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Wireless Reviews

Lyra Trio AC1750 Dual Band Mesh WiFi System
At a glance
ProductASUS Lyra Trio AC1750 Dual Band Mesh WiFi System (MAP-AC1750)   [Website]
SummaryThree stream two radio Qualcomm-based mesh Wi-Fi system
Pros• Three stream design
• Admin via web and/or app
• Supports AP mode & Ethernet backhaul
Cons• Meh performance
• Not AiMesh compatible

Typical Price: $255  Buy From Amazon

Introduction

Linksys' Dual-band Velop isn't the only Wi-Fi mesh system announced at CES 2018 that has interrupted our summer new Wi-Fi product doldrums. ASUS also recently started pumping out its Lyra Trio, which is the focus of this review. (Waiting in the wings are new mesh offerings from D-Link (a new three-node Covr) and TP-Link (the just-announced Deco M9 Plus) that I'll be getting to in the coming weeks.)

Despite putting most of its mesh Wi-Fi system focus on AiMesh, ASUS still wants to have a "pre-packaged" mesh solution for folks who just want to buy it, plug it and use it. AiMesh is more for Wi-Fi tweakers, since the system is still suffering growing pains and typically involves firmware upgrades. (You'd be surprised how daunting a task this is for the average router user.)

ASUS will continue to sell the original three-radio Lyra (MAP-AC2200), which had pretty disappointing performance when I reviewed it with its original firmware. When ASUS came out with firmware that was supposed to significantly improve performance, I loaded it up and started testing. But when I saw little improvement in backhaul throughput, I knew I wasn't going to see much performance improvement and stopped the retest.

The Lyra Trio is a reimagined Lyra, trying a two radio design vs. the original Lyra's three 2x2 11ac radios. But Trio's twist is that its radios use three-streams, yielding maximum link rates of 450 Mbps in 2.4 GHz and 1300 Mbps in 5 GHz, hence its AC1750 classing. (Only Ubiquiti's Amplifi HD mesh system also uses a three-stream design.)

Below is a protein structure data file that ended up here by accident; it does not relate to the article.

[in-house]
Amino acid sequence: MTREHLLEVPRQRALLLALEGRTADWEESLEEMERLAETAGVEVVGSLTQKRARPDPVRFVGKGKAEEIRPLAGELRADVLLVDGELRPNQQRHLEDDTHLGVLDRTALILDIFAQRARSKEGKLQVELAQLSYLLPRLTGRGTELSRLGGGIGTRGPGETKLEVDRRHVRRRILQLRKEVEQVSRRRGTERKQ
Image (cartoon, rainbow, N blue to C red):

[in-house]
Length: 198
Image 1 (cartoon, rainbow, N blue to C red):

Trio reaches back a few years for its physical and antenna system design. I knew I'd seen the hollowed-out pyramid design before and a quick trip to our search box unearthed the EA-N66 that was reviewed in 2012.

ASUS EA-N66 (top) and Lyra Trio (bottom)

ASUS EA-N66 (top) and Lyra Trio (bottom)

Both designs stash the three dual-band antennas in the pyramid legs as shown in the cutaway view below.

Lyra Trio antenna location

Lyra Trio antenna location

Each Trio node in the three-pack is the same and sports two Gigabit Ethernet ports, one of which connects to your broadband modem to create the root node.

Linksys Velop connector callout

ASUS Lyra Trio connector callout

Lyra Trio communicates status via LEDs at the base of each pyramid leg. The LED decoder table below from the reviewer's guide is more complete than the one in the quick start guide shown below the table.

Linksys Velop LED callout

ASUS Lyra Trio LED callout

Inside

The Trio's FCC documents are under wraps for awhile. So after testing was done, I opened up one of them for a look. The design is a departure from the usual Qualcomm IPQ4018/4019 mesh design. Instead we find something you'd be more likely to find in an inexpensive 802.11ac access point.

ASUS Lyra Trio inside

ASUS Lyra Trio inside

The photo below shows the same view as above with RF can top removed. A Qualcomm QCA9563 3x3 b/g/n SoC (photo center right) serves as the main processor and three-stream 2.4 GHz radio, while a QCA9980 a/b/g/n/ac 4x4 SoC (only three RF chains are used) handles 5 GHz duties (photo left). RAM and flash are sized to save money at 128 MB and 32 MB, respectively.

ASUS Lyra Trio board bottom

ASUS Lyra Trio board bottom

The photo also shows an Atheros AR3012 Bluetooth 4.0 radio tucked into the right corner of the RF can and QCA8334 gigabit Ethernet switch down near the two Ethernet connectors. The little RF can at the top holds one each of the 2.4 and 5 GHz Skyworks front end modules.

The next photo is the top of the board with its heatsink in place.

ASUS Lyra Trio  board top

ASUS Lyra Trio board top

Once you remove the heatsink and RF can top, you see the flash chip and front end modules for the other two RF chains for each band.

ASUS Lyra Trio  board top

ASUS Lyra Trio board top

The original Lyra board is shown below for comparison. As noted above, it's more of a typical Qualcomm-based mesh design.

ASUS Lyra board

ASUS Lyra board

The table below summarizes the Trio and original Lyra's key components.

  ASUS Lyra Trio ASUS Lyra
CPU QCA9563 3x3 b/g/n SoC
Qualcomm IPQ4019 quad-core Wave2 2x2 a/b/g/n/ac SoC
Switch QCA8334 QCA8072
RAM 128 MB 256 MB
Flash 32 MB 128 MB
2.4 GHz Radio - In QCA9563
- Skyworks SKY85330-11 2.4 GHz Front end (x3)
- In IPQ4019
- Skyworks SKY2623L 2.4 GHz power amp (x2)
5 GHz Radio - QCA9980 4x4 a/b/g/n/ac radio SoC
- Skyworks SKY85746-11 5 GHz front end (x3)
- In IPQ4019
- RFMD RFPA5542 5 GHz power amp (x2)
5 GHz Radio #2 N/A - QCA9886 2x2 802.11ac radio SoC
- RFMD RFPA5542 5 GHz power amp (x2)
Bluetooth - Atheros AR3012 Bluetooth 4.0
- Atheros AR3012 Bluetooth 4.0
- ISSC IS1678 Bluetooth Dual-Mode SoC
Table 1: Component summary and comparison

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